Never mind that no one suspects Wal-Mart of trying to squish one of its 200,000-square-foot superstores into the limited real estate space available in Hampden. But such is the anger that the retail behemoth engenders in some circles that it has become a kind of shorthand for all that is wrong with corporate America.
Take Drew Heles, a local activist, and Benn Ray, an owner of Atomic Books. They sponsored a free screening Sunday night of Robert Greenwald's new documentary, Wal-Mart: The High Cost of Low Price, hoping to use it to highlight the dangers of chains, and help keep such shops as Starbucks or Quiznos out of the quirky, historic 36th Street corridor.
FOR THE RECORD - An article in yesterday's Today section gave an incorrect name for the "morning-after" pill. The morning-after pill is sold under the brand name of Plan B; it is not RU-486, which is known as an abortion pill.
"The film expresses our feelings about the importance of keeping formula retail out of our community," Ray says. "We don't want what happened at the Inner Harbor to happen on 36th Street. People don't realize that if they get together, they can effect a change."
The corporate colossus has become a rallying point for any number of groups, largely on the political left, who blame Wal-Mart for social ills that include urban sprawl, the working poor, families without medical insurance, damage to the environment, the decline of the labor movement -- even for allegedly making moral choices for its customers by declining to stock RU-486, the so-called morning-after pill.
"Retailers should not be making health choices for the community," said Nora Lockshin, 35, of Baltimore, who attended the Hampden screening. "In some small towns, there are no other pharmacies."
Greenwald's film is being shown in a few movie theaters, such as the Rotunda, where it will play through Thursday. But the vast majority of the people who will see the movie will view it at one of the roughly 7,000 private screenings this week throughout the United States.
The director used the same system of "house parties" to distribute two previous films, Uncovered, about the U.S. drive to go to war with Iraq, and Outfoxed, which took on Fox News.
"When you make films concerned with working for social change, it is critical to reach all kinds of people," Greenwald writes on the Web site wal martmovie.com. A DVD, he wrote, "can be shown at a church or a school or a bowling alley or at home" and can be viewed by those "not prepared to pay theater prices to see the film."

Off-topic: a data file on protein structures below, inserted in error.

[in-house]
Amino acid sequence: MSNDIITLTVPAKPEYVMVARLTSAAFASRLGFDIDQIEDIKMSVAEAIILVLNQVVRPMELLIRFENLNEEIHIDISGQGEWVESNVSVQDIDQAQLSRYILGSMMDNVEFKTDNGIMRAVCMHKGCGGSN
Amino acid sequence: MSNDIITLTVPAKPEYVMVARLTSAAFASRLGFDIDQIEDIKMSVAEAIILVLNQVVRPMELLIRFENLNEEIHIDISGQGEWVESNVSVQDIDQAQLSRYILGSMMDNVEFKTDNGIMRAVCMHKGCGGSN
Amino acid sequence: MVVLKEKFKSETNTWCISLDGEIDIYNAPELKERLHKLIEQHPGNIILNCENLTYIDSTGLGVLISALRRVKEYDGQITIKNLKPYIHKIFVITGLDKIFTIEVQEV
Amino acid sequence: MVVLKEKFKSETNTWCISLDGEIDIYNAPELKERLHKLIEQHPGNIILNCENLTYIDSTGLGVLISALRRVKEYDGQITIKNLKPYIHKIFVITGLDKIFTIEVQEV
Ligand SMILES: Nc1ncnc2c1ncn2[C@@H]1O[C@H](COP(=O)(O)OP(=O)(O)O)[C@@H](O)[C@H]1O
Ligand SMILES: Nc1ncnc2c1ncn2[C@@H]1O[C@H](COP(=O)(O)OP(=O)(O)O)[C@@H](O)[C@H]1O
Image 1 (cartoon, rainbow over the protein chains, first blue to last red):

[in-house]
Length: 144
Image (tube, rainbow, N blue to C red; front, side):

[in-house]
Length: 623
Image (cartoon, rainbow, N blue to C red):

However, the 35 people who crowded into the Golden West Long Bar on Sunday night didn't have, in the director's view, hearts that necessarily needed reaching or minds that needed changing. Even before screening the film, they were conversant with its values and agreed with its politics.
"It's preaching to the converted," observed Lockshin, a curator for the Smithsonian Institution.
Her seat-mates ranged from a high school history teacher to a medical student and Ray Werbe, 90, a lifelong activist who began his career raising money for the insurgents in Spain's Civil War.
"I've always been in the forefront of the radical movement and supported their causes," he said.
Wal-Mart became the world's largest company by offering goods at rock-bottom prices. However, it has raised fierce opposition among those who claim that the retailer forces local stores out of business, that it uses cheap and exploitative overseas labor and that it pays wages so low that nearly half its employees either go without health insurance or are on Medicaid. Unions -- such as the United Food & Commercial Workers International Union, which ran a full-page, anti-Wal-Mart ad in The New York Times yesterday -- are vehemently opposed to the corporation's stance toward organized labor.
Opponents have successfully prevented the retailer from locating in such Maryland communities as Hagerstown and Chestertown, where Wal-Mart pulled out after a decade of legal wrangling. In Inglewood, Calif., voters defeated a ballot initiative to authorize a Supercenter after an intense campaign that included street fairs, food giveaways and rides to the polls.
The antipathy toward the retailer has grown to the point that legislation in Maryland that would force the state's largest retailers to spend at least 8 percent of their payrolls on health care has become known as the "Wal-Mart Bill." It is that issue that particularly irks Werbe's wife, Martha Little. The 76-year-old doesn't know whether she's angrier at Wal-Mart for not paying more for its employees' health insurance, or at Gov. Robert L. Ehrlich Jr. for vetoing the "Wal-Mart Bill." Democrats have vowed to override the veto.
"Wal-Mart is contributing to the deterioration of what I like to think of as our overall quality of life," Little said.
Needless to say, the corporation isn't taking these attacks lying down. Wal-Mart has counteracted with a huge publicity campaign.